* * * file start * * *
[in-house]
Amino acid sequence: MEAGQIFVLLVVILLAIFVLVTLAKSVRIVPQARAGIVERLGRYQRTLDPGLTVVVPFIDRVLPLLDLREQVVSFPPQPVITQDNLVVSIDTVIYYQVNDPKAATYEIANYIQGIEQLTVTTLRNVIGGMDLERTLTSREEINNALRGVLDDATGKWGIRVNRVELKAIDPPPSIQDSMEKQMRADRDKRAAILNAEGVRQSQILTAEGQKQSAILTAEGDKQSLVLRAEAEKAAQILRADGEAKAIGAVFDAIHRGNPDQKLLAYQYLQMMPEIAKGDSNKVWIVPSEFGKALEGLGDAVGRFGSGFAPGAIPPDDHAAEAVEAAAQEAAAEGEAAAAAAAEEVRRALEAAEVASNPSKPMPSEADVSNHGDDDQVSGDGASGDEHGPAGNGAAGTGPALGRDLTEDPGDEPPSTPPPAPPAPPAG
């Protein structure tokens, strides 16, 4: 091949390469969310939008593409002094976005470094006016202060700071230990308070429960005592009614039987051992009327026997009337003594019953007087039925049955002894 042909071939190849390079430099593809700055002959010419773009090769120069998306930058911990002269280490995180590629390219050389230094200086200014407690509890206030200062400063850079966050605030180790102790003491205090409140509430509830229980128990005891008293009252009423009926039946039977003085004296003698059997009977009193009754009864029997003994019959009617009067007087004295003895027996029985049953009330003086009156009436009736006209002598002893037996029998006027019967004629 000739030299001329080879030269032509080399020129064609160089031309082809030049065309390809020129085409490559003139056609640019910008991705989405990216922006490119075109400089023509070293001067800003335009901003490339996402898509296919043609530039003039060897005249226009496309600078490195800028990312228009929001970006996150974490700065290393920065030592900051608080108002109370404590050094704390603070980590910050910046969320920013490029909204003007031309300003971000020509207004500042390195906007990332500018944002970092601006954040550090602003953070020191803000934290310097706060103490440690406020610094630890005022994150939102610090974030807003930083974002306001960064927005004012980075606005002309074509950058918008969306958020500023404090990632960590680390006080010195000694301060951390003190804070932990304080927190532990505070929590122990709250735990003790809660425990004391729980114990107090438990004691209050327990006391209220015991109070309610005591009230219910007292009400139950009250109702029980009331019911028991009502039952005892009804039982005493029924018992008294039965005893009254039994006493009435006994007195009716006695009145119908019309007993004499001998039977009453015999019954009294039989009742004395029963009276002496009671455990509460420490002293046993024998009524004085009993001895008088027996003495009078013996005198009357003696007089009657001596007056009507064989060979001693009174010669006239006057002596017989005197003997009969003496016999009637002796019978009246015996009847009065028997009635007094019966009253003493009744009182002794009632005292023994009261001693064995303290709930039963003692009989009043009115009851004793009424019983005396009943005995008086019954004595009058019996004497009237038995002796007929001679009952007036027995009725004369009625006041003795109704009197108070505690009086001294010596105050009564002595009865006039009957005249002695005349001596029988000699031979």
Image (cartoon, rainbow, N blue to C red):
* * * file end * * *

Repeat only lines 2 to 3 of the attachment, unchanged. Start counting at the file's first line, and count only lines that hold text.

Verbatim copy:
Amino acid sequence: MEAGQIFVLLVVILLAIFVLVTLAKSVRIVPQARAGIVERLGRYQRTLDPGLTVVVPFIDRVLPLLDLREQVVSFPPQPVITQDNLVVSIDTVIYYQVNDPKAATYEIANYIQGIEQLTVTTLRNVIGGMDLERTLTSREEINNALRGVLDDATGKWGIRVNRVELKAIDPPPSIQDSMEKQMRADRDKRAAILNAEGVRQSQILTAEGQKQSAILTAEGDKQSLVLRAEAEKAAQILRADGEAKAIGAVFDAIHRGNPDQKLLAYQYLQMMPEIAKGDSNKVWIVPSEFGKALEGLGDAVGRFGSGFAPGAIPPDDHAAEAVEAAAQEAAAEGEAAAAAAAEEVRRALEAAEVASNPSKPMPSEADVSNHGDDDQVSGDGASGDEHGPAGNGAAGTGPALGRDLTEDPGDEPPSTPPPAPPAPPAG
């Protein structure tokens, strides 16, 4: 091949390469969310939008593409002094976005470094006016202060700071230990308070429960005592009614039987051992009327026997009337003594019953007087039925049955002894 042909071939190849390079430099593809700055002959010419773009090769120069998306930058911990002269280490995180590629390219050389230094200086200014407690509890206030200062400063850079966050605030180790102790003491205090409140509430509830229980128990005891008293009252009423009926039946039977003085004296003698059997009977009193009754009864029997003994019959009617009067007087004295003895027996029985049953009330003086009156009436009736006209002598002893037996029998006027019967004629 000739030299001329080879030269032509080399020129064609160089031309082809030049065309390809020129085409490559003139056609640019910008991705989405990216922006490119075109400089023509070293001067800003335009901003490339996402898509296919043609530039003039060897005249226009496309600078490195800028990312228009929001970006996150974490700065290393920065030592900051608080108002109370404590050094704390603070980590910050910046969320920013490029909204003007031309300003971000020509207004500042390195906007990332500018944002970092601006954040550090602003953070020191803000934290310097706060103490440690406020610094630890005022994150939102610090974030807003930083974002306001960064927005004012980075606005002309074509950058918008969306958020500023404090990632960590680390006080010195000694301060951390003190804070932990304080927190532990505070929590122990709250735990003790809660425990004391729980114990107090438990004691209050327990006391209220015991109070309610005591009230219910007292009400139950009250109702029980009331019911028991009502039952005892009804039982005493029924018992008294039965005893009254039994006493009435006994007195009716006695009145119908019309007993004499001998039977009453015999019954009294039989009742004395029963009276002496009671455990509460420490002293046993024998009524004085009993001895008088027996003495009078013996005198009357003696007089009657001596007056009507064989060979001693009174010669006239006057002596017989005197003997009969003496016999009637002796019978009246015996009847009065028997009635007094019966009253003493009744009182002794009632005292023994009261001693064995303290709930039963003692009989009043009115009851004793009424019983005396009943005995008086019954004595009058019996004497009237038995002796007929001679009952007036027995009725004369009625006041003795109704009197108070505690009086001294010596105050009564002595009865006039009957005249002695005349001596029988000699031979």